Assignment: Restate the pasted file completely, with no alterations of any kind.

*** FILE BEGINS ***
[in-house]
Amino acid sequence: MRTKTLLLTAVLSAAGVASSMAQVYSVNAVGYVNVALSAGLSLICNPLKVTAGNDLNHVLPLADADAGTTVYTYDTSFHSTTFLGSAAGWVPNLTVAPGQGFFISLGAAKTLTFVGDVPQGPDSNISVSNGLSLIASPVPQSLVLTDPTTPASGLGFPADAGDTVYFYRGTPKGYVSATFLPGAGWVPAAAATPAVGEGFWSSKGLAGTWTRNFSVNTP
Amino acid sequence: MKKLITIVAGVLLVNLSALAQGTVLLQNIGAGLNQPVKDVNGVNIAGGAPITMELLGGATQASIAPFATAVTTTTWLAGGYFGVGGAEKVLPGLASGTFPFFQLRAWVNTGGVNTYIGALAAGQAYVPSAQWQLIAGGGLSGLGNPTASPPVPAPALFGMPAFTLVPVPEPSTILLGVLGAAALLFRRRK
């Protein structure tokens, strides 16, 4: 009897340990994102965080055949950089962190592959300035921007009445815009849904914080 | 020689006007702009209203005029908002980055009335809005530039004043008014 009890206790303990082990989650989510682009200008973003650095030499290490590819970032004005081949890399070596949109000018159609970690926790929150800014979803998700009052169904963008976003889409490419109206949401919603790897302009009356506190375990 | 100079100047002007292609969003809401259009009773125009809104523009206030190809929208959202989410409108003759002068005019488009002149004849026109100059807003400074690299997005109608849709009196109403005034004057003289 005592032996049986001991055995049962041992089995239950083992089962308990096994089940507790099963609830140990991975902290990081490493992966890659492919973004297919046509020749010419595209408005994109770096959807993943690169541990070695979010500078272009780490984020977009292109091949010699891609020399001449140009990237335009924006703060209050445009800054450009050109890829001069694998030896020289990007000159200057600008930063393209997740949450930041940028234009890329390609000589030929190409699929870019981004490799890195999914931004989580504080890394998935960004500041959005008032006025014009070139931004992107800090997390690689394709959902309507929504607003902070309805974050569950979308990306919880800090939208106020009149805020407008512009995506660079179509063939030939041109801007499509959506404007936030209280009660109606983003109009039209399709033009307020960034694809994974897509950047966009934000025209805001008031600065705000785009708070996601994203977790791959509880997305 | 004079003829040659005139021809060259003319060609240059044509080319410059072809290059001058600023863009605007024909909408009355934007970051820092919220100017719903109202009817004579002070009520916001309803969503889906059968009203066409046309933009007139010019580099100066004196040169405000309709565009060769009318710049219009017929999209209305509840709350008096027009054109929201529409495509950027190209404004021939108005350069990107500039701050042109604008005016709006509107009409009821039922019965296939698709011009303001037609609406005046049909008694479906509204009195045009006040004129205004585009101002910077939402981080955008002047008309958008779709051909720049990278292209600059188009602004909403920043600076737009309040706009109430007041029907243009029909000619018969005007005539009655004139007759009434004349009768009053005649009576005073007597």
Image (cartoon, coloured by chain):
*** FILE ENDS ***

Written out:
[in-house]
Amino acid sequence: MRTKTLLLTAVLSAAGVASSMAQVYSVNAVGYVNVALSAGLSLICNPLKVTAGNDLNHVLPLADADAGTTVYTYDTSFHSTTFLGSAAGWVPNLTVAPGQGFFISLGAAKTLTFVGDVPQGPDSNISVSNGLSLIASPVPQSLVLTDPTTPASGLGFPADAGDTVYFYRGTPKGYVSATFLPGAGWVPAAAATPAVGEGFWSSKGLAGTWTRNFSVNTP
Amino acid sequence: MKKLITIVAGVLLVNLSALAQGTVLLQNIGAGLNQPVKDVNGVNIAGGAPITMELLGGATQASIAPFATAVTTTTWLAGGYFGVGGAEKVLPGLASGTFPFFQLRAWVNTGGVNTYIGALAAGQAYVPSAQWQLIAGGGLSGLGNPTASPPVPAPALFGMPAFTLVPVPEPSTILLGVLGAAALLFRRRK
């Protein structure tokens, strides 16, 4: 009897340990994102965080055949950089962190592959300035921007009445815009849904914080 | 020689006007702009209203005029908002980055009335809005530039004043008014 009890206790303990082990989650989510682009200008973003650095030499290490590819970032004005081949890399070596949109000018159609970690926790929150800014979803998700009052169904963008976003889409490419109206949401919603790897302009009356506190375990 | 100079100047002007292609969003809401259009009773125009809104523009206030190809929208959202989410409108003759002068005019488009002149004849026109100059807003400074690299997005109608849709009196109403005034004057003289 005592032996049986001991055995049962041992089995239950083992089962308990096994089940507790099963609830140990991975902290990081490493992966890659492919973004297919046509020749010419595209408005994109770096959807993943690169541990070695979010500078272009780490984020977009292109091949010699891609020399001449140009990237335009924006703060209050445009800054450009050109890829001069694998030896020289990007000159200057600008930063393209997740949450930041940028234009890329390609000589030929190409699929870019981004490799890195999914931004989580504080890394998935960004500041959005008032006025014009070139931004992107800090997390690689394709959902309507929504607003902070309805974050569950979308990306919880800090939208106020009149805020407008512009995506660079179509063939030939041109801007499509959506404007936030209280009660109606983003109009039209399709033009307020960034694809994974897509950047966009934000025209805001008031600065705000785009708070996601994203977790791959509880997305 | 004079003829040659005139021809060259003319060609240059044509080319410059072809290059001058600023863009605007024909909408009355934007970051820092919220100017719903109202009817004579002070009520916001309803969503889906059968009203066409046309933009007139010019580099100066004196040169405000309709565009060769009318710049219009017929999209209305509840709350008096027009054109929201529409495509950027190209404004021939108005350069990107500039701050042109604008005016709006509107009409009821039922019965296939698709011009303001037609609406005046049909008694479906509204009195045009006040004129205004585009101002910077939402981080955008002047008309958008779709051909720049990278292209600059188009602004909403920043600076737009309040706009109430007041029907243009029909000619018969005007005539009655004139007759009434004349009768009053005649009576005073007597």
Image (cartoon, coloured by chain):